Back in the developer’s saddle in Yosemite ; Installing Maven on OS X

When Mavericks launched, I scheduled doing a clean reinstall over a blank, reformatted HD. (Due to the degradation of configurations, permissions, and other metadata, a system may suffer to something akin to a long-term aging effect. A reinstallation from scratch is a way to freshen it up.) The task, however, was marked “low priority” in my To Do list. The result : last week I was forced to upgrade to Yosemite, and still no reformatting.

As I explained in that post, I’ve noticed a trend of CS/IT professionals being the most reluctant users in updating to the latest hardware or software. Yosemite justified that reluctance, by breaking my HomeBrew installation. The reason : HomeBrew explicitly links to Ruby 1.8, which is obliterated by Yosemite in favor of Ruby 2.0. (Hey, Apple, word of advice : it’s no use having a sophisticated system of coexisting Framework versions if you decide on a whim to delete the older versions.)

I had experienced some  minor inconveniences before I encountered this problem. In the text that follows, I assume that you have already dealt with the following :

  1. Updating Xcode on App Store (Menu Apple … App Store…; tab Updates) ;
  2. Re-accepting the terms and conditions of Xcode : neither Xcode nor its command-line tools will run before will sell your soul to Apple again. And even if you have administrator permissions, you have to sudo a command-line tool to be able to do it. You’ll see an ugly message like : “Agreeing to the Xcode/iOS license requires admin privileges, please re-run as root via sudo.” Either re-execute the command with sudo (e.g., sudo make), or accept the agreement in the Xcode graphical app ;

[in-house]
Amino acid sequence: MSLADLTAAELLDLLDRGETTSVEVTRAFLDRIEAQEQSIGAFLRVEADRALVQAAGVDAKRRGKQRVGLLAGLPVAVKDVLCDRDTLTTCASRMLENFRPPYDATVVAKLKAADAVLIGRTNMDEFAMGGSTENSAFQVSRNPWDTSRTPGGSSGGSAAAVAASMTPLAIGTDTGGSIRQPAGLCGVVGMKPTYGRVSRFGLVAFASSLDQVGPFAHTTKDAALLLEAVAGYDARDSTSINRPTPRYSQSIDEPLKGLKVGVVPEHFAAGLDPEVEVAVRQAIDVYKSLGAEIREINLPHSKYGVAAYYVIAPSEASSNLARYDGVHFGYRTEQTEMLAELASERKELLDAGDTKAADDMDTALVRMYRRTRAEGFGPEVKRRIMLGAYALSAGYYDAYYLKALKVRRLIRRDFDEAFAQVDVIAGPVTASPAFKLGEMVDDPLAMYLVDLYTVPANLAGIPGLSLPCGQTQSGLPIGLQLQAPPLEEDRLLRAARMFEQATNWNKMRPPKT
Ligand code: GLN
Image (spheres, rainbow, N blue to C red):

3. (Possibly ?) Reinstalling Java VM from Oracle. This might just be an issue for web browsing ; maybe the VM works on the command-line out of the box : I didn’t check it. But if you type java on Terminal and nothing happens, chances are you’ll need to get it before being able to do anything interesting.

The bad news : the only way I could get HomeBrew back to work was reinstalling Ruby 1.8.

The good news (if you have a Time Machine) : doing it is a breeze. Just restore the folder 

/System/Library/Frameworks/Ruby.framework/Versions/1.8/

to its rightful place.

If you don’t have a Time Machine (how do you even survive on OS X without one ?!), maybe you have an old MacBook stored in a cupboard ? Or an upgrade-averse friend who has not yet moved to Yosemite ? (Hint : do you know anyone who works on CS/IT ?) Get a copy of that folder and put it back where it belongs.

If you can’t get your hands on that folder anywhere, you’re probably out of luck. You might be able to fish the framework out of the installer packages of an older OS X version, but just thinking about it makes me want to cry. Maybe you can wait for HomeBrew to issue a patch ?

With Ruby 1.8 back in place, things become very straightforward. Just to be sure, run the following commands :

brew update

brew doctor

And check if there are any remaining issues to be solved. (By the by, you don’t have to try and solve every minor problem : in computing as in medicine, minimal intervention is often wise.)


All this marathon started when I needed to install Maven on my system.

With HomeBrew working, this takes an one-liner :

brew install maven

The installation worked without issues, but for some reason, Maven kept complaining that the JAVA_HOME environment variable was broken:

Error: JAVA_HOME is not defined correctly.
  We cannot execute /usr/libexec/java_home/bin/java

Naïvely setting JAVA_HOME to /usr let Maven run, but with an irritating warning :

Unable to find a $JAVA_HOME at '/usr', continuing with system-provided Java...

What solved the problem completely was adding this line to ~/.bash_profile :

export JAVA_HOME=`/usr/libexec/java_home`

“Upgrade to Yosemite,” they said.
“It will be fun,”, they said.

…but if you experience the same problem, you’ll first need to check where the java_home util (it prints the path of the Java VM on stdout) actually is in your system. If /usr/libexec/java_home runs, the solution above will probably work.

3 thoughts on “Back in the developer’s saddle in Yosemite ; Installing Maven on OS X

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